Once we passed through, the whole horror-show vibe disappeared. This was Eddie’s basement casino, and it was classy, man, classy. Deep-maroon walls and polished oak chairs. Croupiers and dealers in maroon vests and black bowties. The gamblers were a different story. Eddie’s place attracted them all: the whales, the sharks, the donkeys, and the grinders. Everyone was trying to turn cards into money. An acne-scarred man with mirrored sunglasses and a straw cowboy hat tapped the felt at one of the blackjack tables, calling for one more card. As Eddie and I walked past the tables, no one looked up.

Eddie opened the door to his office and grinned. “After you.”

“I hate it when you’re all mysterious and shit.”

Eddie’s eyes twinkled again. He gestured toward the open door.

I stepped inside and froze. There was a beautiful woman sitting behind Eddie’s desk. She had pale skin, almond eyes, and jet-black hair. She was wearing a black turtleneck and a light-grey blazer. Her silver earrings caught the light as she turned toward the door. We made eye contact. She didn’t smile.



I hadn’t seen her in years — ten, to be exact. We dated, I loved her, she left me. It wasn’t quite that simple, but that was the gist of it.

Eddie gave the red leather chair in front of his desk a tug and a pat. “Have a seat, Jack. Can I get you guys anything? Cassie, another Scotch?”

She nodded. I sat down in the chair. The cushion deflated under my weight. “I’ll have a Scotch, too.” I stared at Eddie, trying to beam thoughts into his brain. Goddamn, Eddie. Warn a fella, would ya? Eddie just smiled and walked out the door.

Cassandra stared at me from across Eddie’s desk. I stared back. The clock on the wall tick-tocked. Finally, she sighed. “I’ll get right to it. Jack, I need your help.”

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Fire Trap

Fire Trap

A T.J. Peterson Mystery
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Peterson unlocked the steel door and entered. The room was pitch black. He opened his senses to explore the darkness. The stink of incense. The hurried sound of small scuttling feet. A low unnerving hum.

He snapped on the Maglite and played it around the room. There was a narrow, red painted door directly across from him, and it opened into another room that was like a cavern, which, excluding the small outer room extended to the entire footprint of the building. Steel girders ran the length of it. The walls had been painted black, except for one wall, which had two wide horizontal red stripes. At the room’s center were two video cameras similar in size to those he had seen in a television news studio.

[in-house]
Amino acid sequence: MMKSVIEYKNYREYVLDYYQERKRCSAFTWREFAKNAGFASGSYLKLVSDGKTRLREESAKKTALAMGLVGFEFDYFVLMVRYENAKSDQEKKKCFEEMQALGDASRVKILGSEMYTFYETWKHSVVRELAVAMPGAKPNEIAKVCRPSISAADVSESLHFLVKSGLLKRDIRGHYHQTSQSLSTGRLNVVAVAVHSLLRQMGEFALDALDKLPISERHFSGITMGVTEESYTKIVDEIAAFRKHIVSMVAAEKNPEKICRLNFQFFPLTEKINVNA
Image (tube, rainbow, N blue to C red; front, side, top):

Against one wall was a long table with a computer and multi-channel audio mixer. This was the source of the hum. There were speakers at either end of the table. Standing upright on the far wall was a strange looking contraption with a series of ropes and pulleys. Dangling from the ends of four of the ropes were high quality handcuffs.

He examined the contraption. Tugged on a couple of ropes and saw the centerboards pull apart in opposite directions, vertically and horizontally. He recognized it as a rack on which a person’s body would be stretched.

The same wall had been fitted with six black painted hooks. Each held whips of various lengths and of various styles: leather snake whips, braided floggers with multiple strands and knots on the tips. One of the snake whips had a metal barb at the tip. Another was studded the entire length with two inch thorns.

A shelf on the same wall contained a plastic cylinder of multi-coloured zip ties. Beside it was a loaded Smith & Wesson .38. There were three ringbolts in the wall with the horizontal red stripes. Leather straps hung from each.

He untied one of the straps and chafed a finger over the rough leather. Thinking. He looked at the whips then retied the strap on the ringbolt.  

He played the Maglite over the ceiling and saw a small lighting grid directly over the wall with the ringbolts. The black floor sloped to a drain at the center of the room. He knelt and examined one of several discoloured streaks that ran to the drain from each of the ringbolts.

He followed two video cables from the cameras to the computer and saw a feed from the computer into the audio board, and into the speakers. He hit the space bar. On the screen appeared the still frame of a naked young woman curled on the floor beneath one of the ringbolts. She had long brown hair. Her eyes were wide open, terrified. Her mouth stretched into a silent scream.

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An Arthur Beauchamp Novel